Although plasma and CSF patterns for IL-6 were remarkably similar to IL-8 in most cases, the order of magnitude difference in concentrations between CSF and plasma was maintained in slightly fewer (88%) of the paired samples (Figure 4) and plasma IL-6 concentrations less consistently tracked those in CSF. Correlations for individuals ranged from −0.96 to 0.90, with a mean of −0.18.
Association between IL-6 and infection
When patients with definite VRI were compared to those with no evidence of VRI (Table 1), the test for increasing odds with increasing IL-6 was incalculable as prediction was perfect. Concentrations of IL-6 in CSF >10,000 pg/mL were significantly associated with VRI (Fisher’s: P <0.001). When cases of probable VRI were combined with definite VRI, and cases of unlikely infection were combined with those having no evidence of VRI, the test for trend was also significant (P = 0.04). The association with high IL-6 concentration remained strongly significant (Fisher’s: P <0.001). When peripheral infection (Table 1) was analysed in a similar way, with a cutoff for IL-6 at 30 pg/mL, the odds ratio was not significant for any of the analyses.
Clinical studies of the role of inflammation in brain tissue rely on determinations of biomarkers from clinically accessible fluid compartments. Plasma is clearly the most accessible and can be measured repeatedly to determine changes over time. We have shown that the concentrations of many of the commonly measured markers were similar in plasma and CSF compartments and in some instances plasma markers were higher. Direct comparisons with studies reported previously are problematical, since the assays differ and virtually none make reference to recognised standards. CSF IL-1ß has been reported as undetectable, or low and stable, in some studies of SAH [3, 13], while another study reported it as increased, but in the low picogram range , and two others recorded tens to hundreds of picograms per millilitre [5, 6]. TNF-α has similarly been found to be low or undetectable in some studies [4, 13], but increased in others [6, 14]. As in our study, IL-1Ra and TNFR1 concentrations have been reported as similar in CSF and plasma or serum, but with an increase after SAH in at least some patients [14, 15].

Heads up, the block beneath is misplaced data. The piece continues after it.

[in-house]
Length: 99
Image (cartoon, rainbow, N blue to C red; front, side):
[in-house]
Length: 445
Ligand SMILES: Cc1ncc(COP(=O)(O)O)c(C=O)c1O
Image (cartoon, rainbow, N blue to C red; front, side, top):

In contrast, CSF concentrations of IL-6 and IL-8 were several orders of magnitude greater than those in plasma after SAH. Other studies have consistently found that CSF concentrations of IL-6 and IL-8 are increased one or two orders of magnitude above those in normal CSF (taken preoperatively for spinal anaesthesia, during elective aneurysm clipping or for diagnostic purposes that subsequently found no inflammatory cause) or plasma values [3, 4, 6, 13, 16, 17]. There was a superficially steady relationship between plasma and CSF concentrations for individual patients, particularly for IL-8. However, the relationship between these compartments in different individuals varies considerably, as indicated by the poor correlation between compartment values for the cohort. This could reflect variability between individuals in the transport of cytokines from CSF to plasma, or simply be due to production occurring discretely in each compartment. The probability of the latter explanation being correct is suggested by the dissociation between plasma and CSF IL-6 following infection.